Do you ever find parts of the Bible distasteful, crass, gory, disgusting? I certainly do. One of those parts of the Bible which I always baulk at is Judges 19:22-28 in which a young woman is gang-raped and abused all night so severely that she dies. A number of issues cause my squeamishness over this text, the sheer brutality of the attack is certainly one of them. Yet God decreed that this incident be recorded in His holy book.
Maybe a partial reason why such an horrific rape was retained in scripture is to give us a reference point for comparable incidents occurring in our world today, such as the use of rape as a weapon of war by the Burma Army in Shan State. A recent report by Burma Campaign UK entitled Crisis in Shan State contains reports of exactly these sorts of horrific incidents:
- On 21st March in Nam Lao village, Nang M, a 30 year-old woman, was gang raped by a large number of soldiers. She died immediately after being gang-raped.
- On 23rd March Burmese Army troops from Light Infantry Battalion 291 and Infantry Battalion 33 gang-raped Nang B on a road outside her village. She is 19 years old.
Appallingly similar to the blunt reporting in the Bible:
But the men would not listen to him. So the man seized his concubine and made her go out to them. And they knew her and abused her all night until the morning. And as the dawn began to break, they let her go. And as morning appeared, the woman came and fell down at the door of the man’s house where her master was, until it was light. (Judges 19:25-26 ESV)
Men are no safer in Shan State, Burma Army soldiers regularly force villagers to carry supplies, repair roads, build military camps and cultivate crops for them, with no pay and no food supplied. By forcing the men into labour for the army, women are forced to maintain farms, crops and households while the man are away, never certain that their fathers and husbands will return. Even living peaceably in their own villages men are not safe – the slightest provocation of the Burma Army can be fatal:
On 20 December 2010, a patrol of about 15 Burma Army troops from IB64 and 15 Shan ceasefire soldiers came to Maak Laang village and required So-Nan-Di, aged 48, to provide them with food and liquor. So-Nan-Di then killed his own chickens, bought some whiskey and served the soldiers. After eating and drinking to their satisfaction, the soldiers returned to their base in Lai-Kha. However, at one point on their way back, about 3 miles from Maak Laang village, they were ambushed by a group of Shan resistance soldiers. The Burma Army troops returned three days later, arresting So-Nan-Di and Zaai Maad from their houses, taking them back to their base in Lai-Kha township. Even though there was no evidence, they accused the men of helping the Shan resistance soldiers. So-Nan-Di was shot dead somewhere along the way that same day and Zaai Maad was imprisoned at Lai-Kha. (report from Shan Human Rights Foundation)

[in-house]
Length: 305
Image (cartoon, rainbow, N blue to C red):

There are hundreds of stories like these, a young father is severely beaten because he ran in fear from Burma Army soldiers – their excuse; they thought he must be a spy from the rebel militia. A 15-year-old girl returns to her parent’s house after bathing and is raped by a Burma Army officer who was looting the house. A small boy is burnt to death when the army sets fire to a village. Callous, inhumane slaughter and tyranny occurs every day in Burma.
Callous, inhumane slaughter also occurred in the Bible,
And David would strike the land and would leave neither man nor woman alive, but would take away the sheep, the oxen, the donkeys, the camels, and the garments, and come back to Achish. When Achish asked, “Where have you made a raid today?” David would say, “Against the Negeb of Judah,” or, “Against the Negeb of the Jerahmeelites,” or, “Against the Negeb of the Kenites.” And David would leave neither man nor woman alive to bring news to Gath, thinking, “lest they should tell about us and say, ‘So David has done.’”(1 Samuel 27:9-11 ESV)
I find it hard to reconcile this bloodthirsty David with the man after God’s own heart (1 Samuel 13:14). It seems that while we may like to present ourselves as ‘together’ and upstanding to the world, God refuses to omit the nasty incidents from the story of His redemption. While it remains distasteful and hard to swallow, at least these sordid biblical reports remind us that God knew full well the depths of depravity and sin that needed to be atoned for in Christ – and the sacrifice of Jesus Christ was fully sufficient.
It is OK to ask, “why does God allow this?”
Just make sure you are ready for His truthful answer – an answer that will be big enough to embrace wiping out entire nations at His command, permitting a sickening myriad of atrocious human acts, even to the slaughter of the only innocent One to ever live on earth. It is the very nature of God to not shy away from the truth, it is the very nature of my own flesh to hide from the light. Bring these together and it would seem most likely the problem with the texts I have quoted in this post is my inability to face truth rather than God being less than good.
What can we do?
- I am praying for humility to accept God’s goodness, my fear of the light and His grace in Christ.
- Pray for God to intervene and change the situation in Burma. It is not for us to stipulate how, but we are called to plead the case of the oppressed and powerless.
- Ask God to send the light of Christ into this region of sadness. The Shan people have almost no Christian witness in their midst, the few Christians there live in fear so their light is blinkered. Would you be any bolder? May God give them His strength in their weakness.
Image of man praying by Susan Wardell, used with permission.